Saving your tears

Today is respite day. After four visits, I am not sure how I went for over two years without a break. That is not to say that dropping my mom off there is a happy occasion. I wonder sometimes, if there will always be tears as I walk out the door. I manage to hold it together until I exit the building, but they always start before I can make it all the way to the sanctuary of my car.

Well-meaning friends have tried to tell me that it’s like dropping your child at school for the first time. Perhaps the sadness of separation is the same, the wistfulness of knowing they will not be yours forever. Beyond that, I don’t see much similarity. When you drop your child at Kindergarten, you know she is there learning valuable social skills and information that will set her on a good path for her life ahead. It may be difficult to let her go and to see that she is growing up, but it’s a good thing, a normal developmental milestone.

The simple act of even taking my mom to respite care is a reminder that the funny, strong, fiercely independent woman who raised me is becoming more fragile by the day. When I take my mom to respite care, I am taking her for a break, because she has a disease that ends in death and I am the only family member to take care of her. No matter how hard I try to sweeten it with euphemisms or not think about it, my mom’s brain is dying and death is the outcome. That seems rather the opposite of Kindergarten.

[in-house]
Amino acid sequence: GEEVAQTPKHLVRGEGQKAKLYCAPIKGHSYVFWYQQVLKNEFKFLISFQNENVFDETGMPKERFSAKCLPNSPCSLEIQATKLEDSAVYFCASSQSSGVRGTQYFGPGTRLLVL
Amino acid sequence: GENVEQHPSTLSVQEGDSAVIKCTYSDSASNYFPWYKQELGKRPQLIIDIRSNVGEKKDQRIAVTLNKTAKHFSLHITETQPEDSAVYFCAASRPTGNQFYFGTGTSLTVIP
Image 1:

And the truth is, when you step into the role of caregiver, you’ll find that people say some colossally stupid things to you. I have heard everything from “It will end one day” (yes, it will – in my mom’s death, thanks) to ruminations about the disease being a “bridge to God” (bridge to Hell maybe…God, not so much) and what an “angel” I am for doing the right thing and caring for her (as if she were a burden…human beings may get sick, but they are NOT burdens) to people telling me I need a break and should put her in a nursing home so I can get a “real job” again. (I guess running a fledgling business that I adore, freelancing, and the full-time one I have as a caregiver aren’t real enough.)

And you learn a lot about your “friends”too. I have friends who are truly family and have been truly amazing as we’ve gone through this journey. They make it understood that when they invite me, they are inviting her and they treat her like their own mother and they treat her like a PERSON. I’m not sure they have any idea how truly meaningful this is to us both. So many people, when they hear someone has Alzheimer’s or Dementia stop treating them like they are human.

My mom may be sick, but she also has had a long an interesting life filled with examples of her willingness to help anytime someone needed it. She has done and experienced things many would not dream of doing. She has lived through wars (and I don’t mean from the comfort of her armchair, but memories of bombs, broken buildings and lost loved ones), lost children, escaped from a communist country, and boldly traversed oceans all by herself to start a new life, because she fell in love with an American soldier. She is a human being with feelings and deserves respect and not just some insentient lump to be talked over and around or treated like a child who needs a babysitter.